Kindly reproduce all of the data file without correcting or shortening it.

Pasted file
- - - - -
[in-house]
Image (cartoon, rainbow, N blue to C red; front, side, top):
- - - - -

[in-house]
Image (cartoon, rainbow, N blue to C red; front, side, top):